Thursday, May 7, 2009

Transformation Fire

The United States Defense Department is not the most formidable Defense Department on the planet by accident. Sure, the US has resources and the American economy backing it, but it is not the material things that really make the Department of Defense great. It's the people in uniform who make the American Defense Department great.

The Defense Department is home to some of the most creative, energetic, and resourceful people in the world. They have to be. We send them into foreign lands and ask them to perform in environments where the rules are unknown, cultures and languages have to be interpreted, and mission objectives frequently change. They not only have to perform, but they must perform better than an enemy that already knows the environment; and all while the potential for mortal dangerous lies around every corner. These people are a special breed.

There's an aspect of the American service member that I believe is particularly relevant to Transformation. In spite of weaponry, the precision of training and drill, the uniform polish on boots, or the straight up and down of a well adjusted gig line, there is something extra that stirs in the hearts of some. When the chips are down, the trouble makers come out to play.

America has a long proud history of trouble makers. I'm not talking about undisciplined delinquents, but creative, energetic, resourceful and committed people who are completely willing to challenge the impossible or take on establishments in order to get the job done.

Our history books are full of these people. When Japan hit America in 1941 at Pearl Harbor, a trouble maker by the name of Doolittle took a rag-tag bunch of other trouble makers and some overhauled hardware and struck the heart of Japan. Many thought the mission - as it was originally planned - was impossible, but it was made even more difficult when the convoy was discovered and the men had to launch more than 100 miles sooner than they anticipated. Any fellow pilots reading this understand that 100 miles can mean the difference between life or death. Run out of fuel - gravity works. They went anyway - and they changed the tide of the war.

These are men and women who can't sit still when they know they have the power to do something about a problem. They are consistently tapping into their environment and figuring out what they can use to to their advantage to make their world better.

Some traditional tools of this brand of trouble maker have been duct tape, rubber bands, bailing wire, paper clips - whatever it takes to get the job done. One might hear them muttering "don't ask" or "you don't want to know" in response to a question from a superior about how they managed to get something working.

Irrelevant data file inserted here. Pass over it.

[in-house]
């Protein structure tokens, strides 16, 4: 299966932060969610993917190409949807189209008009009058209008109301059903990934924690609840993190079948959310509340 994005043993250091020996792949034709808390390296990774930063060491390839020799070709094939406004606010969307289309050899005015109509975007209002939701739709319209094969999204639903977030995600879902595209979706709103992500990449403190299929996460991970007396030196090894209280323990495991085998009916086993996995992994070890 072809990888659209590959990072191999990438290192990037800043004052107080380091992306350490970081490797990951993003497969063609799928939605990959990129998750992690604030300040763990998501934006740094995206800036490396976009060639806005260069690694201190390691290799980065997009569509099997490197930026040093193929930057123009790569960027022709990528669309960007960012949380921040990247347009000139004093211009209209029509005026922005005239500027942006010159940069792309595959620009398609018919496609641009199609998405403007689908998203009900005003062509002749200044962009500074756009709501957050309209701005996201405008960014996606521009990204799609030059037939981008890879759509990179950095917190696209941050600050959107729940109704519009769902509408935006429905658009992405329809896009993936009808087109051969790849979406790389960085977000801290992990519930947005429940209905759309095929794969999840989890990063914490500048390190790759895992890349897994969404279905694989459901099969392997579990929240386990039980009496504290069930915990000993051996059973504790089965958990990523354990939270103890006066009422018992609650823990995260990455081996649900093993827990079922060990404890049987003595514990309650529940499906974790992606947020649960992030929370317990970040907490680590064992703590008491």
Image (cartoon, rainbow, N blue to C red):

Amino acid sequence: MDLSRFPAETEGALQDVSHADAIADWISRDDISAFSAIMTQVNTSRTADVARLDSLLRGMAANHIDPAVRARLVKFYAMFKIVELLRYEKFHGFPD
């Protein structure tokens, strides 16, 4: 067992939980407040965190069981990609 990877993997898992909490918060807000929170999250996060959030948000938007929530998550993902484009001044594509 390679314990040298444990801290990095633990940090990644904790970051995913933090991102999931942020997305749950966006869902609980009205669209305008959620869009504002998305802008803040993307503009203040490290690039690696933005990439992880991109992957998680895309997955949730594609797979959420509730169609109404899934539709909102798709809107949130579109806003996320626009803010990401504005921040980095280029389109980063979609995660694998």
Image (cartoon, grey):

These people are Tom Sawyer-ish in their approach to life and living. By hook or by crook, they will make sure the mission is a success. They take pride in their handiwork, listen to Commander's intent and keep a weather eye on the outcome. Look hard enough and you're bound to spot these people. If you spot one, say thank you. They are very often tide-turners and battle winners.

The modern day Tom Sawyer is pretty sophisticated. Their resourcefulness keeps them on the bleeding edge and usually leaning far forward. They realize, for example, the Web 2.0 is a world and organization flattening phenomenon. They recognize that they have a powerful new tool in their tool box for side stepping bureaucracy, acting as a force multiplier, reaching farther, and for getting things done.

These people are the transformation agents of the future.

Transformation is very much a local phenomenon. We have a core set of beliefs or principles (transparency, continuity, agility, accountability, interoperability) which help us to determine good Transformation from chaos wrapped in a Transformation flag, but Transformation in an organization like Defense Finance and Accounting Service may not be immediately relevant to the Commanding Officer of a military hospital. That Commanding Officer may have a local priority that they need to get addressed.

Business Transformation needs local transformation agents to be empowered with the tools of Transformation - to be plugged in to authoritative information about things like the Enterprise plans for the Department. Business Transformation needs to listen to the transformation agents in the field to make sure that the direction the Business Transformation effort takes remains relevant.

Transformation needs the fire in the bellies of these modern day Tom Sawyers to be well fed, and for these creative and resourceful transformation agents to be empowered. The success of the Transformation mission depends on it.

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